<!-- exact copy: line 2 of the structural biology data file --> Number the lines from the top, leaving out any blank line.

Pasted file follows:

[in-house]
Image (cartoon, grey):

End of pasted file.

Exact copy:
Image (cartoon, grey):